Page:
Yes, there have been snags, but that's to be expected, and things were handled. I went to work today as usual but didn't return any calls as I could not speak well enough to have a coherent phone conversation.  

All is as it should be;  God is in charge, and this week has been one of those lessons.  He has our good in mind, and the good of all souls, especially those He entrusts to us and to whom He gives us a special duty.  

I've read, off and on, de Caussade's "Abandonment to Divine Providence", and love it, although my reading has been interrupted by my semester's worth of classes.  Yet the message, of what I've read, has been taken to heart.  

It's hard to abandon oneself when one cannot trust, and yet, one must be willing to surrender in order to learn to trust. It's one of those great paradoxes of which Our Lord is so fond, and through which we learn so much! 

So this week, our dear Abba has been teaching me a gentle lesson in trust, trying to bring me to abandonment, reminding me that no matter what we plan, He is in charge and desires nothing but our good.  

Sometimes I wonder if I'll ever truly learn to trust...real, holy trust...and then God brings me a lesson like this.  I know that I am not abandoned, and that indeed, my Father is in Heaven, looking out for His little girl. 

I only hope my trust can grow in the way that it should, and that I will learn to love God so much as to overcome all the doubt that constantly separates me from Our Lord.  


Joe of St. Thérèse said...

Good to see I'm not the only one with trust issues.

Hmmm, God's providence works in interesting ways that I read this today.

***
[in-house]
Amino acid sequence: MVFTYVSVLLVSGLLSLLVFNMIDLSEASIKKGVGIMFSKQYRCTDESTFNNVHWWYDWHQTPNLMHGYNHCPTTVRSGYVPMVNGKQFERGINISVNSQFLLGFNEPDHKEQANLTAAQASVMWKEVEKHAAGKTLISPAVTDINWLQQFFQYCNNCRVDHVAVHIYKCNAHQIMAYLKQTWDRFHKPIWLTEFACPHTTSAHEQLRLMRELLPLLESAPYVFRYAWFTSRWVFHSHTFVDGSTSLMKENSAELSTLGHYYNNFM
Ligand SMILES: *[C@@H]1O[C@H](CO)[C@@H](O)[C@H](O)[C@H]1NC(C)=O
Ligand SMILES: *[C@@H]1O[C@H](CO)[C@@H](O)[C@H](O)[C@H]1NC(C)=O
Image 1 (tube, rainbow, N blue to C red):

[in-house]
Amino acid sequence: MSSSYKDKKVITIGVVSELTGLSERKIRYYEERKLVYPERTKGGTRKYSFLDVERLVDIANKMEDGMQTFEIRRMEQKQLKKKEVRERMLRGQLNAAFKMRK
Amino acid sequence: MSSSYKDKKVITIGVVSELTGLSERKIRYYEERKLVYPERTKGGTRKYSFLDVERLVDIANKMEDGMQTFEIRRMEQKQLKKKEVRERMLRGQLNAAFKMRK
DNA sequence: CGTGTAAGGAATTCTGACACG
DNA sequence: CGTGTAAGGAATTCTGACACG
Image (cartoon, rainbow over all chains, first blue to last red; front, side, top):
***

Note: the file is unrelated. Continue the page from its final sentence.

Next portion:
NC Conch said...

He made of me a sharp-edged sword and concealed me in the shadow of his arm. He made me a polished arrow, in his quiver he hid me. IS 49:2

This scripture has become my personal mantra. In fact, I have it tattooed on my arm.

You are God's secret weapon. He has you hidden for when he needs you most. He does not have you out on display (yet), but at the ready. Sword making is not a simple or gentle process and most steel is not worth of becoming a sword. A sword maker bangs and heats and bangs and cools and bangs the sword into the perfect form. I truly feel that all of the hard times we go through are there to make us stronger. We are not being punished, we are being refined.

I can remember the day I heard this scripture at daily mass. I almost fell out of the pew. I am on staff at a parish. A couple of my co-members of the pastoral staff lack in tact and interpersonal skills. They are really good at pointing out faults. It almost seems like they enjoy it.

Since then I have become a better person.

There is a purpose to everything. Everything can and should lead us closer to God. No matter how crazy the circumstance seems.

Peace and love!


Unknown said...

I often wonder how some of the saints were able to trust God completely. While I have gotten better at it I still feel a bit of a holy tug of war going on. The line in your post that struck me most was that "I am still his little girl..." Maybe that's where real trust begins- as a child. Children often have a very keen sense about who and who not to trust. So no matter what our age- God tells us to come to him with child-like faith.
Thanks for the post- I love your insights and honesty.
God Bless!